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Happy 89'er Day

Discussion in 'General Discussion' started by foghorn918, Apr 22, 2019.

  1. foghorn918

    foghorn918 Sharpshooter

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    April 22, 1889 the first of the Oklahoma Territory Land Runs takes place. Are any of you descendants from the run of 89?

    My Great Grandfather who immigrated from Ireland claimed 160 acres in the run, and my Great Great Grandfather claimed another parcel.

    So my roots as an okie are well established.
     
  2. TwoForFlinching

    TwoForFlinching Sharpshooter

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    I remember doing a mock-land run in 89 to celebrate the centennial. We all had stick horses running through the field behind the school.

    All of my great-grandparents were born in Texas. All of my grandparents were born in Oklahoma. But they we all born in the same town, same piece of land. Figure that one out.
     
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  3. Ethan N

    Ethan N Sharpshooter

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    Haven’t been able to confirm it yet, but suspected that one of my Great Great Grandfathers on my mom’s side made a claim in the land run. Genealogical research of that part of my family has proven difficult, but my Great Grandmother was born in 1890 in Kingfisher County. That combined with some other information makes it likely her dad was in the land run.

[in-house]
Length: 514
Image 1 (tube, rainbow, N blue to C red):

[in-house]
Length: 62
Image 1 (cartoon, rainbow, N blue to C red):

My roots as an American go back further than that on my dad’s side. Distant Great Grandfather immigrated from England to Rhode Island in either 1648 or 1651. Ended up settling in Plymouth Colony (now Massachusetts) 8 miles inland. He was the first European immigrant to settle away from the coast in northern New England (possibly all of New England) and very few were as daring until after King Philip’s War over 20 years later.
     
    Last edited: Apr 22, 2019
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  4. killerpigeon

    killerpigeon Sharpshooter

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    I'm a descendant of my peoples land that was taken away from due to the land run, if that counts.